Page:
In our last article, we introduced the recently finalized New Rule of the Pipeline and Hazardous Materials Safety Administration (PHMSA), which expands safety and reporting requirements to previously unregulated onshore gas gathering lines.[1] PHMSA has now dubbed those previously unregulated lines Type C, for new safety and reporting requirements, and Type R, for new reporting requirements only. In this article, we focus on some of the practical requirements for operators of Type C and Type R lines implicated by the New Rule – specifically, what must be reported, how and by when.

Incident and Annual Reports

Under 49 C.F.R. part 191, operators of Type C and Type R lines must now notify PHMSA of incidents and submit incident and annual reports.[2] Type R lines, however, remain exempt from reporting certain operational changes and safety-related conditions under sections 191.22(b) and (c) and 191.23.[3]

Pertinent to gathering lines, an “incident” is an event that involves the release of gas from a pipeline[4] and at least one of the following consequences: (i) a death or a personal injury necessitating inpatient hospitalization; (ii) estimated property damage of $122,000 or more, including loss to the operator and others, or both, but excluding the cost of gas lost (as of 2021, the threshold amount will be adjusted for inflation and posted on PHMSA’s website); or (iii) unintentional estimated gas loss of 3 million cubic feet or more.[5] Even if the event does not meet these criteria, it is still an incident if viewed as “significant” in the judgment of the operator.[6]

If an incident occurs, the first step is to notify the National Response Center “[a]t the earliest practicable moment following discovery, but no later than one hour after confirmed discovery.”[7] The initial notice must include contact information for the operator and person providing notice, the location and time of the incident, any fatalities or personal injuries, and any other significant facts known by the operator that are relevant to the cause of or damage from the incident.[8] Within 48 hours of discovering an incident, the operator must revise or confirm the information submitted in its initial report, including an estimate of the amount of gas released.[9]

Operators of Type C lines may continue to use the existing incident form for Types A, B and C lines, here. Operators of Type R lines must use a new form that can be found, with instructions, here.[10] These forms must be submitted “as soon as practicable but not more than 30 days after detection of an incident.”[11] All operators must comply with the new incident reporting requirements beginning on May 16, 2022, the Effective Date of the New Rule.

Annual reports will include general pipeline summary data, such as Operator Identification Number, mileage inspected and actions taken, miles by decade of installation, and number of leaks repaired or scheduled for repair. The annual report form for operators of Type C lines can be found here, and for operators of Type R lines, here. 2022 annual reports for both are due by March 25, 2023.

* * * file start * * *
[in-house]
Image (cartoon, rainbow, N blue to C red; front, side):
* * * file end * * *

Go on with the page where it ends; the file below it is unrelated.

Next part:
According to PHMSA, these expanded reporting obligations are necessary to inform the agency on the unknown condition of hundreds of thousands of miles of gas gathering infrastructure, which will allow it to “evaluate the safety risks on gas gathering systems and determine what, if any, additional measures may be warranted to reduce those risks.”[12] This foreshadows further regulation by the PHMSA for gas gathering pipelines – as well as further articles delineating the requirements by your friends at BakerHostetler.

While the new reporting requirements may seem ministerial, they come with significant potential enforcement penalties such as compliance orders and civil penalties of up to $225,134 per violation for each day the violation continues, up to a maximum of $2,251,334 for any related series of violations.[13]

[1] See Pipeline Safety: Safety of Gas Gathering Pipelines: Extension of Reporting Requirements, Regulation of Large, High-Pressure Lines, and Other Related Amendments, 86 Fed. Reg. 63,266 (Nov. 15, 2021) (New Rule).

[2] See id. at 63,295 (modifying the scope of reporting requirements to include Type C and Type R lines in the to-be-codified 49 C.F.R. § 191.1).

[3] See id. at 63,295 (exempting Type R lines from certain reporting requirements in the to-be-codified 49 C.F.R. § 191.1(c)).

[4] See 49 C.F.R. § 191.3 (“Pipeline or Pipeline System means all parts of those physical facilities through which gas moves in transportation, including, but not limited to, pipe, valves, and other appurtenance attached to pipe, compressor units, metering stations, regulator stations, delivery stations, holders, and fabricated assemblies.”).

[5] 49 C.F.R. § 191.3 (defining “incident”).

[6] Id.

[7] 49 C.F.R. § 191.5.

[8] See 49 C.F.R. § 191.5 (immediate notice of certain incidents).

[9] 49 C.F.R. § 191.5(c).

[10] The new annual and incident report forms for Type R lines are not yet finalized and published on the PHMSA website; the linked forms are the most recent drafts that can be found in the supporting documents for the New Rule.

[11] 49 C.F.R. § 191.15(a).


[13] See 49 C.F.R. § 190.223(a); 49 U.S.C. § 60122.